Hong Kong Police Arrest Dozens of Pro-Democracy Leaders

Friday, 08 Jan, 2021

Britain on Wednesday criticised the arrests of more than 50 pro-democracy figures in Hong Kong, accusing China of deceiving citizens in the city about the true objective of its national security law.

The European Union also called for the release of those arrested while Antony Blinken, US President-elect Joe Biden pick for Secretary of State, said the incoming administration "will stand with the people of Hong Kong and against Beijing's crackdown on democracy".

The home of Joshua Wong, a prominent pro-democracy activist who is now serving a 13½-month prison sentence for organizing and participating in an unauthorized protest past year, was also raided this morning, according to a tweet posted from Wong's account.

It is unclear if the action is related.

Most of the group faced charges in Hong Kong connected with anti-government protests in 2019, including arson, rioting, assaulting police officers and weapons possession.

Beijing imposed the law on the former British colony in June a year ago.

The arrests in the Asian financial hub included well known democratic figures and former lawmakers James To, Lam Cheuk-ting and Lester Shum, according to the Democratic Party's Facebook page and public broadcaster RTHK.

"The UK will not turn our backs on the people of Hong Kong and will continue to offer BNOs the right to live and work in the UK", Raab said.

Two senior police sources who both requested anonymity told AFP "around 50" had been arrested by the city's new national security unit. Mass resignations and disqualifications of pro-democracy lawmakers have left the legislature largely a pro-Beijing body.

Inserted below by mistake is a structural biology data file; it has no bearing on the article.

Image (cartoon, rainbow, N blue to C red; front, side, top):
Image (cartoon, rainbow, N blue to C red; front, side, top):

In November, all remaining pan-democratic lawmakers collectively resigned to protest an intervention by Beijing to unseat four of their colleagues.

In Hong Kong, the Hang Seng index dropped 0.3% to 27,388.96 points, while the Hong Kong China Enterprises Index lost 0.1% to 10,712.11.

The alleged offence of those arrested on Wednesday was to organise an unofficial primary last summer to decide who would stand as candidates for the city's partially elected legislature in the hopes they might take a majority for the first time.

"As a participant and nominee in the primary, I would be definitely arrested if I were still in Hong Kong".

While Chinese officials have justified the legislation - which bars subversion, terrorism, secession and collusion - with foreign forces as a necessary tool to quell local unrest and restore stability to the city after historic protests in 2019, the law has so far mainly been used against non-violent political opponents and dissidents.

The regime is lashing out at Five Eyes nations for speaking out about anti-democracy moves in Hong Kong. Serious offenders could face up a maximum punishment of life imprisonment.

China wants to preserve Hong Kong's economic vibrancy and free market without what it views as political complications, he said.

Ho Tse Wai is known for taking on human rights cases and police were seen searching the firm's office on Wednesday morning.

Officials said the security law would target only an "extreme minority". "Hong Kong is looking more like mainland China but where one ends and the other begins is hard to discern", she said.

"I think that really gives momentum to people who are still a diaspora community and have left Hong Kong, or even stayed in Hong Kong, to have that faith of fighting for it, even though the situation is getting more and more hard".